So it was down to films like Weird Science, St Elmo’s Fire, The Breakfast Club and things like that, that gave you the motivation to get into acting when young?

It was just this freeing essence about these American movies and what could be, and what’s out there.  I do my very best for my children, and it’s ‘really’ important to be taking them to the theatre. It’s really important, even if it’s just a pantomime every year, it’s important to sit in a live audience and to see a live production. It’s ‘thrilling’, and it’s a lovely thing for a family to do together, it’s exciting, and we do it every year. We won’t miss Cardiff and Mike Doyle in that pantomime every year, we ‘love’ him, we think it’s brilliant. And the kids love it, and they get used to going and sitting in a theatre and being part of an audience and learning a type of etiquette that you should learn and be educated about while being a theatre member. When I was younger, I was taken to The Pavilion in Porthcawl where I would get to see a panto and other bits and bobs, but I was never taken to see a play. I remember being about 14 when I was taken to London to see Starlight Express, and it was otherworldly to me, it was unbelievable that this magic happened when you walked through these doors, and you sit down. I felt at home, and these seeds were being planted, but it was all about those 1980’s movies that were the big influence on me and with why I do what I do.

I guess your passion is there for theatre even though it sounds like the catalyst for you was watching these films and going to the theatre, but it really does seem like your love is there for the theatre, in a big way?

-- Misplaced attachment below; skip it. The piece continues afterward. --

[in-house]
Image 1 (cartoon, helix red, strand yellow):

Well, in a big, big, big, big way. I can’t, even to this day, and I’ve just turned 40, yet I can’t believe it, I’ve just been blessed to work in these beautiful theatres and to have all these gorgeous scripts, and to work with the people that I have worked with. I look forward to the day that I can go back to the RSC; I’ll look forward to that. And I’ll look forward to doing a big contemporary play again in the West End, that would be nice. You know, my babies come first, and I don’t like being away from them, I get ‘terribly’ homesick and I miss them so that I wouldn’t be in the right creative place right now.

Last question and one I have to ask you about is Torchwood; you must get asked questions about that show all the time, you must miss being involved with that series?

I miss Torchwood like I miss the sunshine. I miss sci-fi because that’s magic. We did heightened drama, and we created things that didn’t exist, we challenged peoples judgment of the non-fiction, and we created worlds and characters, fears, joy and love, you know, it’s a beautiful world to be under that house, to be under that roof of sci-fi, god, it was wonderful. I miss Gwen Cooper very much; I miss her sap, I miss her strength, I miss her brutal kind of fisticuffs. I miss the banter with the cast; we had such a great time. But we had five great years, and we’ve continued doing the audio’s which are massive and successful, and if there isn’t a day that goes by that I don’t get asked, there’s a few, such as “When is Belonging coming back?”, “When is Torchwood coming back?”, You know, if a day didn’t go by, I’d be shocked! It’s incredible, those lovely shows and I hope it stays with me forever. I’ll love it forever.